Pleomorphic Xanthoastrocytoma (PXA)
Pleomorphic xanthoastrocytoma (PXA) is a rare and benign brain tumor most frequently found in children and teenagers. The average age of diagnosis is 12. PXAs grow in cells throughout the central nervous system that support brain function. These tumors grow slowly and do not normally spread, but often cause seizures. Other symptoms include headaches, nausea, vision problems, loss of balance and weight loss or gain.
Best in Care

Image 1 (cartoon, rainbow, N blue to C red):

The AdventHealth Neuroscience Institute is a state-of-the-art facility for adults and children affected by PXAs. We specialize in minimally invasive treatments that use laser technology to remove tumors or reduce their size. These advanced techniques often minimize damage to surrounding tissue and result in less scarring and pain. Using image-guided stereotactic neurosurgery, our surgeons can view 3-D images of PXAs during surgery, helping them to remove more of the tumor. Surgery usually stops seizures caused by PXAs. Recovery is quicker after minimally invasive surgeries, because no incision is made.